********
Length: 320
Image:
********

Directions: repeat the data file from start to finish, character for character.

Length: 320
Image: